Why BMW and Audi face risks in China as political tensions grow

Relations between Europe and China have been deteriorating for more than a year, with Beijing’s refusal to condemn Russia’s invasion of Ukraine only worsening political ties. A bilateral investment treaty with Brussels was frozen last year, adding another layer of risk. On top of that, punishing lockdowns across China this year pushed the economy into contraction and hit business profits.

Despite that, exports from Europe have held up, with the total value of shipments in the first six months of 2022 basically unchanged from last year despite harsh COVID-19 lockdowns in some Chinese cities significantly crimping demand in the second quarter.

The Chinese market was a savior for many foreign companies’ balance sheets in recent years, with the government bringing COVID-19 infections under control and quickly reopening the economy in 2020 and growth reaching 8.1 percent last year, compensating for recessions and lockdowns in other markets. That situation has reversed in 2022, with lockdowns in Shanghai and elsewhere shuttering factories and hitting profits so far this year.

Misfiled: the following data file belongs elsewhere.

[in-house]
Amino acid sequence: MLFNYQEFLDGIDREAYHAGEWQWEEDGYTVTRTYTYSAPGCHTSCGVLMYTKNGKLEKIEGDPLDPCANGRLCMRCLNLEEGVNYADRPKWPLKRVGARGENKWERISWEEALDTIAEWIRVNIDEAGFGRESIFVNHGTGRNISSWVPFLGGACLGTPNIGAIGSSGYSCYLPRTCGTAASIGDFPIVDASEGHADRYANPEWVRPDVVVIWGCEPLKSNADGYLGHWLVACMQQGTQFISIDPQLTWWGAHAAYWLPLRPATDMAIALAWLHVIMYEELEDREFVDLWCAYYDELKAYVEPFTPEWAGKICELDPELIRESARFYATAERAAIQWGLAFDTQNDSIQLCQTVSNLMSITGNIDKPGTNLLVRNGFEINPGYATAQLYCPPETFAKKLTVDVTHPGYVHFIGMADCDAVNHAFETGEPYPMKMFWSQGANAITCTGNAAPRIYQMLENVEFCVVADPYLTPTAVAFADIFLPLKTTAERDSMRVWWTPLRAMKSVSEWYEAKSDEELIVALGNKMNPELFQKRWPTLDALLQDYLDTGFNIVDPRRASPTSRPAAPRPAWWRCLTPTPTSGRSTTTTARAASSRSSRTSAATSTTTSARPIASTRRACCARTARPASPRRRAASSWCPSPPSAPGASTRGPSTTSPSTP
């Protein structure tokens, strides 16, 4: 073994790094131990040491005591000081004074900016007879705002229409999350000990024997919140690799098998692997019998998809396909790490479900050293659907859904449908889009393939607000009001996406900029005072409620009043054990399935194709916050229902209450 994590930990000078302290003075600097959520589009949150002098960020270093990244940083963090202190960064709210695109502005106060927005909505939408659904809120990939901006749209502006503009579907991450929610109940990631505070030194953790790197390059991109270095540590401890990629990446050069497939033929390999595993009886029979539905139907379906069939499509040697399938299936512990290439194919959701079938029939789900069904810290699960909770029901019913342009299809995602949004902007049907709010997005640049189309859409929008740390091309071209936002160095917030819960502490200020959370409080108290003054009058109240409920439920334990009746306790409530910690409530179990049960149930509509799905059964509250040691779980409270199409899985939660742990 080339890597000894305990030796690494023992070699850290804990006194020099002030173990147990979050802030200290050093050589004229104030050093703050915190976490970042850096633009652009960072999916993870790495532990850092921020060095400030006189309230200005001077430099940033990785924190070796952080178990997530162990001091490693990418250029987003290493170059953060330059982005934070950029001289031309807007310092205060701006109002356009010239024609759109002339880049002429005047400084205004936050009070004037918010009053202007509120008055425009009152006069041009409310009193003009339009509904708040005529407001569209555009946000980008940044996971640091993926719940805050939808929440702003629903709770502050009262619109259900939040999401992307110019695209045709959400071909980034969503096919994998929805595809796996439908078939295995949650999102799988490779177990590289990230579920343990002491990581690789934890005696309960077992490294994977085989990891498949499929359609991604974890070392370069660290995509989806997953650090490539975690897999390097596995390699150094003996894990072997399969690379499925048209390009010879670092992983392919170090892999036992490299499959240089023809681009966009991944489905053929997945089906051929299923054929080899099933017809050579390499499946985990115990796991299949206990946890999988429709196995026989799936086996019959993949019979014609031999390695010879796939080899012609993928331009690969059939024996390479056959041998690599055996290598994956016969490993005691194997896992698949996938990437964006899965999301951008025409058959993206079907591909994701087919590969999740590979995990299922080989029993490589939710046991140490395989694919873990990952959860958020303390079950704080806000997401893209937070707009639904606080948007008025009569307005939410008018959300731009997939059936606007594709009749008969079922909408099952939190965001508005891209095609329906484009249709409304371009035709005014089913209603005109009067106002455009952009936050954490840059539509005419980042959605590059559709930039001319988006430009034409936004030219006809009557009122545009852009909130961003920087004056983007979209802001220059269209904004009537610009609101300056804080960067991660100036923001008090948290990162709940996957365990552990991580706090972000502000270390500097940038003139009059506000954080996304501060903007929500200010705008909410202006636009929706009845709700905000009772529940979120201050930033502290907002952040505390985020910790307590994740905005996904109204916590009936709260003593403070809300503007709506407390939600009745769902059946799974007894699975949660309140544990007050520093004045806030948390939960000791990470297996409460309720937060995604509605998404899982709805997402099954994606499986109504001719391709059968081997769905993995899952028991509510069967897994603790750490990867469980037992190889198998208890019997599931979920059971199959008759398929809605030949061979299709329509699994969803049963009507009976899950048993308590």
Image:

However, many foreign companies still believe there is more to gain than lose from being in China.

BMW opened a multi-billion-dollar factory extension in Shenyang earlier this year, while Volkswagen Group’s Audi is building its first electric vehicle plant in Changchun.

“If your definition of decoupling is foreign companies either leaving China outright, or at least significantly decreasing their footprints and diversifying investments out of China, then that certainly is not happening,” said Jacob Gunter, a senior analyst at the Mercator Institute for China Studies in Berlin. “What we generally see across most industries is kind of the opposite.”

Whether that will change in the future is unknown, but for now, some European companies with activities in China are choosing the less radical option of separating their China operations from global ones. So-called “localization strategies” involve building up local supply chains and partnerships to avoid getting caught in the fray of geopolitical risks.

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